Ultimately, the Polity of Literature is a proposition made to readers and writers—what if literature is this? What if to read or write literature is to enter a polity of equals, readers and writers alike possessed of the same authority to make meanings? What would follow from that? You might take to it heroically, like Robin Hood or a poacher in the royal woods (PoL #22, “Reading as Poaching“), or you might feel yourself subsumed into a powerful system of Brownian motions (PoL #23, “Fan Fiction is what a Polity of Literature Looks Like“). Whatever transformation comes, it will be personal: you dear reader, and you dear writer, constitute this polity, or not.
Anna Poletti, avid reader and writer, literary scholar, and author of Intimate Ephemera: Reading Young Lives in Australian Zine Culture and Stories of the Self: Life Writing After the Book, answers the PoL proposition with six searching theses unpacking the implications of these claims. Poletti looks for the polity in its material, embodied forms—asking what and where is the Polity of Literature, and how does my body figure in it, or feel about it? What trouble comes if literature is this, and reading and writing literature bring us into the contentious plurality of politics? This piece is illustrated by Ken Krimstein.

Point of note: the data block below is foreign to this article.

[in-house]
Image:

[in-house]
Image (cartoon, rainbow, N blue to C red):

Six Contracting Theses on Literature in the Polity of Literature
1 March, 2022